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Betty Levy Of Petticoat Lane

October 2, 2022
by the gentle author

Tickets are available for my Spitalfields tour throughout October & November




If you walked through the Petticoat Lane Market in the nineteen-twenties, you would frequently have seen Betty Levy with all her sisters playing hopscotch or skipping games in the street. You could easily have distinguished Betty because she was the baby with the mop of curls, and everyone knew Betty’s mother Hannah – famous as the best fish fryer in the Lane.

But maybe you do not remember, because maybe it is just too long ago for you? Yet that was certainly not the case for Betty herself. At ninety-two years of age, she remembered her childhood as if it were yesterday and given any opportunity she delighted to break into the same songs she sang then, accompanied by the ingenious lyrics she composed herself.

Betty left Petticoat Lane in 1954 but occasionally when speaking of the Lane, she said “And I’m still here,” and you realised it was a statement which transcended immediate reality, because while Petticoat Lane has changed almost beyond recognition, Betty still carried a world and a society and an ethos that incarnated the Petticoat Lane she knew, the place she always counted as home.

“I was born here, in Rosetta Place off Frying Pan Alley and my mother Hannah before me. My grandparents, Mark and Phoebe Harris, lived in Rosetta Place too and if we went in their flat, they always gave us something to eat.

My family have been here for generations, I always understood they were of Dutch descent. My father, Isaac, worked in Smithfield Market, he sold sweets to the porters and we never starved, so he must have made a living. They called him ‘Kosher’ and he sold the sweets from a basket round his neck. He got them from a small warehouse in Commercial St run by Mr Sam. If we were well behaved, he gave us one.

I went to the Jews Free School in Frying Pan Alley, it was a good school with good teachers and they treated us well. My grandmother sometimes gave me a plate of roast potatoes and told me to go and give them to the children in the park, and she left fried fish on the window sill for people to take. Nobody starved in the East End.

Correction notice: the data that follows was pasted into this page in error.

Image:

When I left school at fourteen, I went to work making dresses in Middlesex St, we were taught how to do it at school and I moved from one factory to another to better myself. I made all my family’s clothes, my children and grandchildren, and their bride’s dresses. If you spend your life doing something, you get a talent for it – I got to be as good as anyone at it. And  I miss it now, I wouldn’t mind doing it again, part-time.

I was only seven years married when my husband Danny died aged thirty-nine, I think he had a heart attack. I met him at a dance at the Hammersmith Palais. We met dancing, we were both good dancers, not fabulous but pretty good. We were married at the Beaumont St Synagogue and we lived with my family at first. Then we found a house in Milward St, Whitechapel, round the back of the London Hospital. Although I was one of a large family, I only had two children – a boy and a girl, Irene and Stephen. After Danny died, my family offered to support me, but I wanted to be independent. If you’ve got to do it, you do it. I worked making dresses and I kept us, because I didn’t want anyone else to bring up my children.

I love the East End, there’s something in the East End that’s nowhere else. It is my home.”

Four of Betty’s sisters in Rosetta Place c. 1925

“We played among the doorsteps, for hours and hours
We never had gardens, so we couldn’t grow flowers.

Some kids they never had shoes, ’cause their dads were on the booze
But, we all lived together the Christians, the Jews

And the Jewish Free School was in dear old Frying Pan Alley.

Now there is not any doorsteps, they’ve knocked them all down,
They built a tower block where we played around.

The kids don’t play now like we used to,
On everybody’s doorsteps, in the East End of town.”

Betty’s new lyrics to the melody of  ‘On Mother Kelly’s Doorstep’

The Levy Sisters. Sally, Phoebe, Lily, Carrie, Jennie,  Becky and Betty (in front).